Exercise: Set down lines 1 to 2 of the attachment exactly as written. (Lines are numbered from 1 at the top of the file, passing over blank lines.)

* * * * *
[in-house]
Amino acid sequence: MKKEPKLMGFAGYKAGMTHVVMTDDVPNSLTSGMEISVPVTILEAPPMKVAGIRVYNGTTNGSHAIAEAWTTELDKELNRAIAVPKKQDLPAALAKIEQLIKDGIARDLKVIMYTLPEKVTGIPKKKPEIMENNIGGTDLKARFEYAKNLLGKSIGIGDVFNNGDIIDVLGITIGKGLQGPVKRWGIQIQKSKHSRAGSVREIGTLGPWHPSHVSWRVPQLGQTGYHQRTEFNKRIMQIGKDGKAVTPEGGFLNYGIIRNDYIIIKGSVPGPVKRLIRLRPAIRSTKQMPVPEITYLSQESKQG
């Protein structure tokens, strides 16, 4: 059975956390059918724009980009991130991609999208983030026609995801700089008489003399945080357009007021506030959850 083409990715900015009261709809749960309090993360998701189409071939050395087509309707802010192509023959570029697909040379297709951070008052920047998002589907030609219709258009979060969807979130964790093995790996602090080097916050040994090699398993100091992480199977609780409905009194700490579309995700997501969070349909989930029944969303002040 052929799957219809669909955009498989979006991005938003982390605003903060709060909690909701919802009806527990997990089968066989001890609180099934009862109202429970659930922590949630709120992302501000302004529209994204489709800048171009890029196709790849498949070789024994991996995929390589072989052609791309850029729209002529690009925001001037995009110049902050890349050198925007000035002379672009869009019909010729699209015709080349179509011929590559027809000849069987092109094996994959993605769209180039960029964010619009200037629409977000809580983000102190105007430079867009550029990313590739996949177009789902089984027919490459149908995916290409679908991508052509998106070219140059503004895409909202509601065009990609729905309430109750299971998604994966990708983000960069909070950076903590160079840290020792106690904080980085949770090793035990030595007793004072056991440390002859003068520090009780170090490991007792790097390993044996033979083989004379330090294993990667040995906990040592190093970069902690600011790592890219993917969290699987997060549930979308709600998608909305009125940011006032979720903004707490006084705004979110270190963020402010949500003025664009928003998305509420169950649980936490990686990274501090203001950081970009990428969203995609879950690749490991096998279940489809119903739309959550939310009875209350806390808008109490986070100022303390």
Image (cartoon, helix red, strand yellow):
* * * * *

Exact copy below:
[in-house]
Amino acid sequence: MKKEPKLMGFAGYKAGMTHVVMTDDVPNSLTSGMEISVPVTILEAPPMKVAGIRVYNGTTNGSHAIAEAWTTELDKELNRAIAVPKKQDLPAALAKIEQLIKDGIARDLKVIMYTLPEKVTGIPKKKPEIMENNIGGTDLKARFEYAKNLLGKSIGIGDVFNNGDIIDVLGITIGKGLQGPVKRWGIQIQKSKHSRAGSVREIGTLGPWHPSHVSWRVPQLGQTGYHQRTEFNKRIMQIGKDGKAVTPEGGFLNYGIIRNDYIIIKGSVPGPVKRLIRLRPAIRSTKQMPVPEITYLSQESKQG